Bookended by Cats was named after Milo and Otis. They are the short, orange, and furry brothers who, upon entering our lives in 2003, often bookended us on our couch. And who are we? We're a geek couple living in PA. We love music, movies, TV, comics, books, and comic cons. And, from time to time, we'll share our thoughts on these nerdy things.

Friday, October 21, 2016

Friday 80s Flashback for October 21, 2016

[Shadowfax Dreams] -- I thought I'd go in a slightly different direction with this week's flashback. The band Shadowfax formed in the 70s and took their name from Gandalf's horse in J. R. R. Tolkien's The Lord of the Rings. They were active until 1995 and disbanded after their bandleader died. Shadowfax didn't exactly burn up the charts or dance halls, but they did win a Grammy in 1989. You see, they were a new age band, but they were considered the loudest band in the sleepy stable of Windham Hill artists. I don't have a citation for that statement; I think I heard it on a radio show. Anyway, by the 80s, Shadowfax was filed under the category of World Music -- a description used as a marketing tool to push non-Western traditional music. There is no one definition for World Music. And, really, is there any music made on this planet that isn't world music? But, if I'm not too mistaken, World Music came to be categorized by its use of percussion and seemingly exotic instruments. So, to give you a taste of the band, I want to focus on their fourth studio album, The Dreams of Children (1984). With one exception in 1989, Shadowfax never released singles. So, I can pretty much choose any track from this record. And I'm picking my favorites. Check them out after the break.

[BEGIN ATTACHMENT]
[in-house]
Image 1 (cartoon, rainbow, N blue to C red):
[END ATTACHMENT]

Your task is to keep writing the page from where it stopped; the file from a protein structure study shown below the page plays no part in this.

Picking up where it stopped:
Flashback #1(Instrumental)

I've had the melody line from "Another Country" in my head all week. And that's why I decided to do a flashback about the band. 

Flashback #2(Instrumental)

The title track from The Dreams of Children gets the fan video treatment with this collection of a montage of sky images. 

Flashback #3(Instrumental)

I'm listing "Word From the Village" as an instrumental, but it does have something of a vocal. It's less singing and more syncopated chanting, but it's an effective addition to the odd collection of real and improvised percussion instruments. 

Once again, I remind you that the rule of three applies when doing Flashbacks. As I've made my three offerings, that's all till next week. Dedicated 80s-philes can find more flashbacks in the Prophet or Madman archives or via Bookended's 80s Flashback tag. As always, your comments are welcome on today's, or any other, flashback post. And if you like what I'm doing here, please share the link with your friends. If, however, you don't like the flashback, feel free to share it with your enemies.

And if you are on Twitter, and feel so inclined, please +K my influence in Music on @klout.

I'll see you in seven!

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